>Professional organizations that support communicators – such as IABC, of which I’ve been a member for a good part of the past 20 years – are always saying that communicators need to earn a seat at the management table. They need to support the organization’s goals, speak management’s language and get serious about business. If they don’t, the line goes, they’ll be seen only as tacticians for the rest of their lowly careers.
Ron Shewchuk recently posted on this subject and, if you’re involved with corporate communications either inside or outside the organization, I think it’s worth your time to read his comments. They’re really insightful.
Here’s a taste:
“Well, I’m here today to tell you that I’ve been a temporary dinner guest at that strategic table more than a few times in my long and sordid career. And I’m ready to share a little secret: most of the time the guests are insane and the food is undercooked, overcooked, rotten or poisoned. Very few decisions actually ever get made. Long-term direction is often nothing more than the path of least resistance, or whatever your cranky investors are insisting you do next. And battle tactics are devised in a very deep, cushy bunker in which the primary goal is not victory, but self-preservation.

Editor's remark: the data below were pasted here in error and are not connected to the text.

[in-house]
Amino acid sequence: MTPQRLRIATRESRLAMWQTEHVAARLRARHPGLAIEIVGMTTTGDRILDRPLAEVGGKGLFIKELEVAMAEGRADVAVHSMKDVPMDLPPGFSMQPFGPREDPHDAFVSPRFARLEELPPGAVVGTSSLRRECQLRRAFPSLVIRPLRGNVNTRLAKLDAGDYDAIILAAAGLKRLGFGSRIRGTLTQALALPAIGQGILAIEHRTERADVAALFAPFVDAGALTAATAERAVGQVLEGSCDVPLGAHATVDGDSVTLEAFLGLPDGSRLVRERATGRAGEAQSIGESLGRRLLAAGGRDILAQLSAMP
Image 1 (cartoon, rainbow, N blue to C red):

“Want to have the ear of your CEO? Fat chance. So few chief executives actually listen to anyone, let alone a lowly communicator, that you might as well just forget it.”
After going through a litany of reasons the strategic communicator is a myth, Ron ends solidly with some very practical application in the third of the three-part series. Frankly, his tips parallel some of the things I wrote in my “be subversive” series, but he forgets one important foundation: brand.
If communicators want to get to the table – and have the courage to go there – they need to be brand warriors. They need to either fly under the radar, slowly communicating the brand standards internally, or be loud and proud about the value of brand, so that everybody starts asking “what’s with that guy?” They need to hold others accountable to the brand: write about the brand and how others are using it to make every decision. And they need to help people establish guidelines and deadlines and communicate them so they can’t cop out when the going gets tough.
Yes, it’s going to make some people angry. Some people are going to fight it. In the end, however, you’ll not only be at the table, I think you be standing on top of the table, holding up the brand as a shield against all things ordinary.
Or you’ll be out the door, pounding the street for a new and better opportunity.